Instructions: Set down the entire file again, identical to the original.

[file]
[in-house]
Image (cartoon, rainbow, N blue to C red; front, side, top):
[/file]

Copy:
[in-house]
Image (cartoon, rainbow, N blue to C red; front, side, top):